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Dataset Card for Winoground

Dataset Description

Winoground is a novel task and dataset for evaluating the ability of vision and language models to conduct visio-linguistic compositional reasoning. Given two images and two captions, the goal is to match them correctly—but crucially, both captions contain a completely identical set of words/morphemes, only in a different order. The dataset was carefully hand-curated by expert annotators and is labeled with a rich set of fine-grained tags to assist in analyzing model performance. In our accompanying paper, we probe a diverse range of state-of-the-art vision and language models and find that, surprisingly, none of them do much better than chance. Evidently, these models are not as skilled at visio-linguistic compositional reasoning as we might have hoped. In the paper, we perform an extensive analysis to obtain insights into how future work might try to mitigate these models’ shortcomings. We aim for Winoground to serve as a useful evaluation set for advancing the state of the art and driving further progress in the field.


The captions and tags are located in data/examples.jsonl and the images are located in data/ You can load the data as follows:

from datasets import load_dataset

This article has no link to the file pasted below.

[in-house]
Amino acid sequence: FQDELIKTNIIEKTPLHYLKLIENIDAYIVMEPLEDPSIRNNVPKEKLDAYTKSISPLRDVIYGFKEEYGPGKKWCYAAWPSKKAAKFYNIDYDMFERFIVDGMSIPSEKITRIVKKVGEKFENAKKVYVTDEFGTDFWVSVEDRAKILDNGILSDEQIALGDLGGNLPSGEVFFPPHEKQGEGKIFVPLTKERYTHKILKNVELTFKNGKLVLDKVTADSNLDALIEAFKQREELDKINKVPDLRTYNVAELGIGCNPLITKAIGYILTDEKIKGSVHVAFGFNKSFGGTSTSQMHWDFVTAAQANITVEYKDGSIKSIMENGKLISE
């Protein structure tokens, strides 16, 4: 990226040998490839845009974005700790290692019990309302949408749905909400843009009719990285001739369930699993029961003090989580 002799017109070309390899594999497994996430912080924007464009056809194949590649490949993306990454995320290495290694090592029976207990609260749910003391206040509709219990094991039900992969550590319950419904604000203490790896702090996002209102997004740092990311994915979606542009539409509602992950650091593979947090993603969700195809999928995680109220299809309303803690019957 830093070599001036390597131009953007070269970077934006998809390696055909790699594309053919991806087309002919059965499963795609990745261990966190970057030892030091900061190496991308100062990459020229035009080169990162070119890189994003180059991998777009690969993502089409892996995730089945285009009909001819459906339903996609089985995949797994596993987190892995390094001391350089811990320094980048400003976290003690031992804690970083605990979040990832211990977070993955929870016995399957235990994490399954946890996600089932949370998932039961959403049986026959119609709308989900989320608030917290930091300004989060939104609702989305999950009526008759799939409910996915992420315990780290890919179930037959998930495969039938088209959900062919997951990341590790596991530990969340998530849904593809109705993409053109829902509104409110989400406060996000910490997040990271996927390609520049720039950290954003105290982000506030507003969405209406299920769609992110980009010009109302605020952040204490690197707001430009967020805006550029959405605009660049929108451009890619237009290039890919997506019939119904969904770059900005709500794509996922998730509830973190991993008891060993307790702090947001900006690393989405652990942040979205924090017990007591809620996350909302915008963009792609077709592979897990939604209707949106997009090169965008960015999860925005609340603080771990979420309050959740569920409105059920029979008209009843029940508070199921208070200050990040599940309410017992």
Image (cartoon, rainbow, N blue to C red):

examples = load_dataset('facebook/winoground', use_auth_token=<YOUR USER ACCESS TOKEN>)

You can get <YOUR USER ACCESS TOKEN> by following these steps:

  1. log into your Hugging Face account
  2. click on your profile picture
  3. click "Settings"
  4. click "Access Tokens"
  5. generate an access token

Model Predictions and Statistics

The image-caption model scores from our paper are saved in statistics/model_scores. To compute many of the tables and graphs from our paper, run the following commands:

git clone
cd winoground
pip install -r statistics/requirements.txt
python statistics/

FLAVA Colab notebook code for Winoground evaluation

CLIP Colab notebook code for Winoground evaluation

Paper FAQ

Why is the group score for a random model equal to 16.67%?

Click for a proof!

Intuitively, we might think that we can multiply the probabilities from the image and text score to get 1/16 = 6.25%. But, these scores are not conditionally independent. We can find the correct probability with combinatorics:

For ease of notation, let:

  • a = s(c_0, i_0)
  • b = s(c_1, i_0)
  • c = s(c_1, i_1)
  • d = s(c_0, i_1)

The group score is defined as 1 if a > b, a > d, c > b, c > d and 0 otherwise.

As one would say to GPT-3, let's think step by step:

  1. There are 4! = 24 different orderings of a, c, b, d.
  2. There are only 4 orderings for which a > b, a > d, c > b, c > d:
  • a, c, b, d
  • a, c, d, b
  • c, a, b, d
  • c, a, d, b
  1. No ordering is any more likely than another because a, b, c, d are sampled from the same random distribution.
  2. We can conclude that the probability of a group score of 1 is 4/24 = 0.166...

Citation Information

Tristan Thrush and Candace Ross contributed equally.

  author = {Tristan Thrush and Ryan Jiang and Max Bartolo and Amanpreet Singh and Adina Williams and Douwe Kiela and Candace Ross},
  title = {Winoground: Probing vision and language models for visio-linguistic compositionality},
  booktitle = {CVPR},
  year = 2022,
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